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Crash The Net - Pens Q&A

by Bob Grove / Pittsburgh Penguins
Crash the Net is a weekly web Q&A on Click here to submit a question.

QUESTION: Are the Pens playing outdoors in Buffalo this season?
-Dan in Pittsburgh

BOB GROVE: There still is no official word on whether one of two Pittsburgh at Buffalo games -- Jan. 1 or Feb. 17 -- will be played outdoors at Ralph Wilson Stadium, home of the Buffalo Bills. The stadium seats 73,967 for football. Should this come to pass, it will be a lot of fun for the players and fans alike, and everyone who wants a seat will be able to get one.

The Heritage Classic played in 2003 in Edmonton.
The Penguins and Sabres won't be breaking new ground, however. The first outdoor NHL game I can recall was on Sept. 28, 1991 in Las Vegas, a preseason game between the Kings and Rangers played outside Caesar's Palace. Playing hockey outside in the desert, of course, presented lots of logistical challenges for the ice makers, but the ice turned out OK. The bright lights erected for the game, however, drew swarms of grasshoppers, many of which wound up on the ice.

Ten years later, on Oct. 6, 2001, Michigan and Michigan State met at Spartan Stadium in East Lansing, Mich., and drew 74,544 fans. This was the first hockey game to be played in a football stadium, and the game garnered plenty of media attention.

The NHL was watching, too, and had the Oilers and Canadiens play at Commonwealth Stadium in Edmonton on Nov. 22, 2003. The game, played in bitter cold temperatures, drew 57,167 fans. The most recent outdoor game was on Feb. 11, 2006 at Lambeau Field in Green Bay, where Wisconsin and Ohio State played before 40,890 fans.

It would be awesome to have the Penguins and Sabres add their names to this kind of event. Here's hoping it happens.

QUESTION: Do you think the Penguins can win the Atlantic division title? With the additions of Sydor and Sykora I personally think they will.
-Niels in Noordhoek, Netherlands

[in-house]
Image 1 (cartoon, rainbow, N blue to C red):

BOB GROVE: After putting up 105 points last season -- narrowly missing a division title -- and adding Petr Sykora and Darryl Sydor, the Penguins absolutely could win the Atlantic in 2007-08. But they are not likely to be considered the favorites going in.

With Brian Rafalski and Scott Gomez gone from New Jersey, and a new coach in Brent Sutter behind the bench, the Devils don't figure to repeat as division champions. They'll be a good club -- they always are. Dainius Zubrus had a great playoff run in Buffalo last season but can't begin to make up for that much lost offense.

With their core group a year older, the signing of consistent scorer Sykora and the addition of Sydor and probably Kris Letang to the defense, the Penguins have a great chance to be even better than they were last season. After all, the have the best player in the game and a guy in Evgeni Malkin whose second NHL season should be even more productive.

The Flyers will be vastly improved and should make a run at the playoffs, but the New York Rangers are probably going to be the pick of most people to win the Atlantic. They came very close to reaching the Eastern Finals last spring, and adding Gomez and Chris Drury will really make them a difficult team to contain. Henrik Lundqvist had a superb second half and playoff run, and the Rangers will have tons of experience. The only question mark is a very, very average defense. Look for them to address that at some point.

Right now, in August, it looks to me like a New York-Pittsburgh horse race.

QUESTION: Why doesn't Sidney Crosby get more icetime per game? I know it might expose him to more injuries and what not, but compared to the other top players around the league Crosby is way under their average icetime.

BOB GROVE: Sidney Crosby led all Pittsburgh forwards in average ice time per game last season at 20:45, which was 1:03 more than the next forward, Mark Recchi. Crosby ranked 20th in the NHL in ice time among forwards, so Michel Therrien was getting him out on the ice quite a bit.

Playing him 24-26 minutes a game, rather than helping him produce more points, would probably have the opposite effect: Crosby would be more prone to injury, as you point out, and more tired as the season wears on -- despite being in great shape. The idea is to prepare yourself for a long playoff run, and for that players need reasonable ice time.

Just to put it in perspective, only two forwards in the NHL last season averaged more than 24 minutes per game: Martin St. Louis (24:09) and Brad Richards (24:06).

Crash the Net is a weekly web Q&A on Click here to submit a question.
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